He knows what it is like when there is no money from the ATM and you sleep in the car: Ku’damm star Trystan Pütter on dance, passion and the feminist man.
If lucky, there is one role for every actor that suddenly turns the smaller fan base into a big one. For Trystan Pütter it was Freddy in the ZDF multi-part series “Ku’damm 56”. A daring rock ‘n’ roller and heartbreaker who stirs up the stuffy status quo of the fifties around the Galant dance school in Berlin with a lot of verve. In general, Pütter looks strangely out of date on the screen. Like a protagonist from a long-gone film era, he unites nostalgia and modernity like no other.
“Ku’damm 63” is now your third meeting with Freddy. You have changed, how has that changed Freddy?
I can’t be completely separated from my characters. I went through a development together with Freddy, because I’m different than at the beginning of the first season. This also gives me the opportunity to give him more – more experience and greater peace of mind, but also greater sadness over the failure he has experienced. As I get older, I think differently about failure. I got to know this feeling better. And that helps me with acting, especially with Freddy. Ten years ago I couldn’t have played it like that.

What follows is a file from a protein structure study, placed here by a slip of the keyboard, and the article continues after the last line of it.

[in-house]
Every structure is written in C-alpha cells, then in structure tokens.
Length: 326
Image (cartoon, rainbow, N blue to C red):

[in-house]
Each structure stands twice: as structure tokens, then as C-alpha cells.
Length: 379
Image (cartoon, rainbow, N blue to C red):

You probably love differently today.
Yes exactly. And I became a father too. And these are experiences that naturally also shape me deeply. That gives me the opportunity to go deeper into a character. I don’t have to have killed someone to play a murderer. But the emotional depth that you achieve through experiences in your life allows you to access characters in a more complex way.
The role earned you the title of Mr. Sexy. Is that a title that you would have liked to have done without?
I can live wonderfully with Mr. Sexy. There are really worse things. I thought spontaneously: Hey, Mr. Sexy, that’s okay. . . (laughs) . Perhaps in ten years I will say: Guys, have you forgotten, I’m not Mr. Sexy ?! Why can’t I get into the club anymore?
Rock ‘n’ Roll stands for youth and rebellion. When you were the appropriate age, what was your rock ‘n’ roll music?
On the one hand, my rock ‘n’ roll was the subculture of skateboarding. At the age of 15, 16, 17 years in Frankfurt I could only be found on a skateboard. And of course that also included certain music. Back then it was a crossover. It was such a mix of rap and metal. I had long hair and my pants were almost always hanging around the back of my knees. This also included pogo dancing and stage diving in the clubs and at concerts.
Where do you live this dance passion in times of Corona?
I’m not the only one who is totally missing that right now. Because you can unload all your emotions there. We are currently in a phase where everything is insanely introverted. Everything stays within your own four walls. But when everyone is out of my house, I turn on very loud music and jump through the living room to let something out.